Big Ten Commissioner Jim Delany said that the Pac-12’s nine-game conference schedule and “previous non-conference commitments” made the task of matching up 24 teams across two conferences “too difficult.”
Although the agreement would have created some compelling match-ups, it would also have made schedules for some of the Pac-12 teams much tougher. Both Stanford and USC annually face Notre Dame, and adding a tough Big Ten opponent on top of that would be brutal.
But even with the agreement suspended, Big Ten and Pac-12 teams are still free to schedule games against one another as they see fit. So far this year, we have seen agreements for home-and-home series’ between Michigan and Utah, Michigan State and Oregon, and Northwestern and Stanford.
And remember that big home-and-home series between Georgia and Ohio State that was canceled by the Buckeyes? The Big Ten/Pac-12 scheduling agreement was cited as the reason for the cancellation. Maybe now the two schools can work out a new contract.
Another series that could benefit from this is BYU-Utah. The two in-state rivals have played every year since 1946, but Utah’s future series against Michigan and the scheduling agreement have threatened the status of the game.
Earlier this week, Utah AD Chris Hill told reporters that the series would take a break in 2014 and 2015 because they needed to take a “reasonable approach to the season.” Today’s news could be a window of opportunity for the two schools to continue playing on an annual basis.
Statement from Big Ten Commissioner Jim Delany:
“We are disappointed to announce today that the Big Ten Pac-12 strategic collaboration announced jointly in December 2011 unfortunately will not be consummated. We recently learned from Pac-12 Commissioner Larry Scott that the complications associated with coordinating a non-conference football schedule for 24 teams across two conferences proved to be too difficult. Those complications, among other things, included the Pac-12’s nine-game conference schedule and previous non-conference commitments.”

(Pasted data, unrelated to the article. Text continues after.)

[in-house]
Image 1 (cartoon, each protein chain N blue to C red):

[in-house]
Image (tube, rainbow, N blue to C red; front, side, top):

“A great effort was made by both conference staffs to create football schedules that would address the variety of complexities, but in the end, we were just not able to do so.”
“While everyone at the Big Ten is disappointed by the news, we look forward to continuing the historic partnership that we have with the Pac-12 and to working together on other matters in the future.”
Statement from Pac-12 Commissioner Larry Scott:
“After extensive deliberation and consultation with member institutions, television partners and others, the Pac-12 and Big Ten have decided not to pursue the previously announced plans for enhanced scheduling collaboration across all sports at this time. While we continue to value our close relationship, particularly our partnership in the Rose Bowl, the Pac-12 came to the conclusion that it’s in our best interests to maintain our nine-game conference schedule and maximum flexibility in out-of-conference scheduling. Thus, the Pac-12 decided not to lock into the proposed mandatory 12-game schedule in football.”